Are banks responsible for a 22% drop in local real estate values? Last Thursday, the Alliance of Californians for Community Empowerment and the California Reinvestment Coalition released a report stating that the meltdown in the housing industry and the huge number of foreclosures has resulted in a nearly $80B drop in Los Angeles home value since 2008.
According to a story in the Daily Breeze:
The report’s central finding is that property values have declined by $78.8 billion since 2008. The number is based on estimates that foreclosed homes decline in value by 22 percent and the value of homes within one-eighth of a mile of a foreclosed home dip 0.9 percent.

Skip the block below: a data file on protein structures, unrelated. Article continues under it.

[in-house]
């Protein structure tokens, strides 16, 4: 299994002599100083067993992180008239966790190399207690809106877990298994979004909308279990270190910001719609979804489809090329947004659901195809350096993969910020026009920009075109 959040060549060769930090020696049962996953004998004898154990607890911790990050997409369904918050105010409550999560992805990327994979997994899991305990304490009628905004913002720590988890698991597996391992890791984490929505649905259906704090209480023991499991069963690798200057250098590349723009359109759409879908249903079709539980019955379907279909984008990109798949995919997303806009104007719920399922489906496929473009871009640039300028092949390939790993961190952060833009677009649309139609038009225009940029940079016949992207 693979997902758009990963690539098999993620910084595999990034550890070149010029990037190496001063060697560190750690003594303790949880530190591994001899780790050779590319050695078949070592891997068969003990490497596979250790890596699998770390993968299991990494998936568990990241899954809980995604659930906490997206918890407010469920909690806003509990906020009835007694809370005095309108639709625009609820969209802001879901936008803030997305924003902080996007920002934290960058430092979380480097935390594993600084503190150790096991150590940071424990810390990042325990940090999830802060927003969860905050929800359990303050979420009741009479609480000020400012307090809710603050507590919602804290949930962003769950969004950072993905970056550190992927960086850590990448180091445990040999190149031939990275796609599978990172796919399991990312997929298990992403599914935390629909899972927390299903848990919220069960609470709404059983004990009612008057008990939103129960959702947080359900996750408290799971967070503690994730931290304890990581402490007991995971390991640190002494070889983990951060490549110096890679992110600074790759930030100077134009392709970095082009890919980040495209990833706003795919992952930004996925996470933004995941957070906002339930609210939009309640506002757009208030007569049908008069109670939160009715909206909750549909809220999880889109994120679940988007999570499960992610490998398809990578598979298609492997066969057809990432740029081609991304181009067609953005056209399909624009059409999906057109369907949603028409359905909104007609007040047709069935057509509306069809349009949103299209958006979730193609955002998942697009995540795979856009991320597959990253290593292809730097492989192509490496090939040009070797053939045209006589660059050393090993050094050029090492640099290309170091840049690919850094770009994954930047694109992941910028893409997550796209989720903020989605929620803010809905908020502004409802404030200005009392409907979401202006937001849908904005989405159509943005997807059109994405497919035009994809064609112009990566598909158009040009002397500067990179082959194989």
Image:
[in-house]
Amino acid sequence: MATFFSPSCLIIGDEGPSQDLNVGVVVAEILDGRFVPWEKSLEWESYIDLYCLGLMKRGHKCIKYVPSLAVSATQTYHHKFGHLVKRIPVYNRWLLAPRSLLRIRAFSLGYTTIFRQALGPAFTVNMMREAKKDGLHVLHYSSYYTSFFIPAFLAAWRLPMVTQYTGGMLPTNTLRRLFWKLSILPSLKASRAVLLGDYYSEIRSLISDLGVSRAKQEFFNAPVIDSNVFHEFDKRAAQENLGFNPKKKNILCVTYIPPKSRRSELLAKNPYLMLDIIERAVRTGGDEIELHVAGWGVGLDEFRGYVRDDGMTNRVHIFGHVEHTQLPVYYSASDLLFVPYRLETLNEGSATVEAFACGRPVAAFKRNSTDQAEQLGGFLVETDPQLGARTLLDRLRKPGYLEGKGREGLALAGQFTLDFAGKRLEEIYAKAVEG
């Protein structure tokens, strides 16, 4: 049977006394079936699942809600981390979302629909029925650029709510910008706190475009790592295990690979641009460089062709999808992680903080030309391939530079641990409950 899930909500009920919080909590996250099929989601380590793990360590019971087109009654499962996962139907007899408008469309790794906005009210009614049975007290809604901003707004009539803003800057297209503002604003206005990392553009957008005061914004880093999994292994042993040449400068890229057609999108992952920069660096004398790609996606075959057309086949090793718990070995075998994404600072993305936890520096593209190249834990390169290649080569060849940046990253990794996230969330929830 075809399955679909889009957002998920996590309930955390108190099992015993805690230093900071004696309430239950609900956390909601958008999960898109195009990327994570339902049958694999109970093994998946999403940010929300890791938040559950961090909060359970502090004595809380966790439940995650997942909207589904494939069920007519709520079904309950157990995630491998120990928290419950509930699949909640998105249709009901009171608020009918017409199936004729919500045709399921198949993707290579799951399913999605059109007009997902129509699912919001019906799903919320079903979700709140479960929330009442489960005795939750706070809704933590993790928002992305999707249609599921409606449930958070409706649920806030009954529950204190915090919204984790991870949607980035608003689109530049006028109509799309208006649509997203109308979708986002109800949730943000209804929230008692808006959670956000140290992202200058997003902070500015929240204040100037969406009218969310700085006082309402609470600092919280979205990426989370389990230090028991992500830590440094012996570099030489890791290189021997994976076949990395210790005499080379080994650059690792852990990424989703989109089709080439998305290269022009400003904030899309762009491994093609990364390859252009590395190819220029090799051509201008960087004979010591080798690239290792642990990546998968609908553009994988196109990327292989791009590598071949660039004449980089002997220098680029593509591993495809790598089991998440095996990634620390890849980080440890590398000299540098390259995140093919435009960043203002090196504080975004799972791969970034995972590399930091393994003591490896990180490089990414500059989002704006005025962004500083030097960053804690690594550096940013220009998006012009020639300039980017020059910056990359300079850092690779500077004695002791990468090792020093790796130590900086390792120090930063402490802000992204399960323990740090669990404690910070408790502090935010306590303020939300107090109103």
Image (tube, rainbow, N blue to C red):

The report found increased foreclosures are costing the city of Los Angeles in lost property tax revenue and increased costs for securing and maintaining foreclosed properties. The report estimated each foreclosure costs the city about $19,229 for increased police and fire calls, trash removal and other maintenance. The city has expended about $1.2 billion on these costs since 2008, the study found.
“This report quantifies what people in California have been feeling for years – banks’ practices are financially devastating to our neighborhoods and cities,” said Peggy Mears of the Alliance of Californians for Community Empowerment.